Tuesday, June 14, 2011

Canada: update our marijuana laws

Globe and Mail Editorial, June 8, 2011
 On July 1, Connecticut will become the 14th American state to decriminalize possession of small amounts of marijuana, without going so far as to legalize the drug. It is in no way fitting that the new rules take effect on Canada Day. Canada continues to treat possession of marijuana for personal use as a crime, and to waste government resources on doing something about it.
Mexico’s former foreign minister on the Mexico-Canada relationship It may surprise Canadians that so many states have moved to decriminalize marijuana – handing out fines akin to speeding tickets. At the state level, it has now become possible for legislators of both parties in the United States to admit that the war on drugs has been a costly failure.
It is a bit too early to speak of an emerging consensus south of the border. But the voices being heard more often are those like Brenda Kupchick, a Republican member of the state legislature: “I've known a lot of people over my lifetime who've used marijuana, and who grew up to be productive citizens and never used drugs again. And I know people who took drugs out of their parents’ medicine cabinet and became full-blown drug addicts and lost their lives.”
In Connecticut, possession of less than a half-ounce (30 joints) would result in a $150 fine for a first offence, and between $200 and $500 on subsequent offences. Those 21 or under caught using marijuana will lose their driver’s licences for 60 days. In Alaska, possession of up to one ounce of marijuana in a private home brings no penalty at all. A set of U.S. studies has found that, when cannabis was decriminalized, use did not rise any more than in states where possession remained a crime.
Canada’s possession laws are an expensive irrelevancy. In 2009, there were 48,981 incidents of cannabis possession reported by police. While there is no up-to-date estimate on the annual costs of enforcement, a reputable 2002 study put them at $300-million. All this for a “relatively harmless” drug, as the Ontario Court of Appeal has called it. Canada has not even been able to get its act together to make marijuana truly available for medicinal use, according to an Ontario judge who has ordered Ottawa to fix the medical-marijuana law.
There is a social/religious/moral/traditional "mental block" to decriminalizing marijuana in Canada.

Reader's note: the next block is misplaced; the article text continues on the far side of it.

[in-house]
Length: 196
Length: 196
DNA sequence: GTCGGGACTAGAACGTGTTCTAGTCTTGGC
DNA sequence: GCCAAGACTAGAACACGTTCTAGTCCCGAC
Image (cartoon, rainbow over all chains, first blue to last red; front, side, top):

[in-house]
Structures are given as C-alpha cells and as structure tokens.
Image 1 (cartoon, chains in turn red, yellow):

The block itself, verges on a kind of conventional prohibition without the legislation needed to support it.
There is a chasm of difference between the opinions of most middle and senior aged Canadians, and the opinions of those under forty. It smacks of a kind of "generation" or class divide. Of course, any taboo substance has its prophets, not to mention its profits and marijuana certainly qualifies on both counts in Canada.
There is a serious down-side to the costs of "policing" or regulating of the banned substance and even the courts are calling the substance "relatively harmless".
Having put too many classmates in university to bed so drunk they could not stand erect, back in the 1960's, and having watched as alcohol abuse literally shattered the dreams and lives of dozens of individuals of otherwise high repute, and having descended from a gandmother who was a WCTU (Women's Christian Temperance Union) activist, and a mother who told her husband, prior to my arrival, "It's either the parties and the booze or the marriage!" (he chose the latter)...I am more than familiar with the control that alcohol, a legal, available and controlled substance can and does have on individuals and families.
Surely, marijuana, which by itself is either less addictive or non-addictive, by comparison, requires an in-the-face, direct response from the nation's legislators, after both a comprehensive review of the research literature and public opinion in all regions and demographics.
Connecticut is hardly a hippie commune, as we can all hear some of the most conservative among us calling those who use the banned substance. Canada would do well to examine the examples of those states whose laws have kept better pace with the social indicators, without the erosion of morality that many would and do predict.
And yet, with the social conservatives in charge in Ottawa, we need not hold our breath waiting for change in this file.

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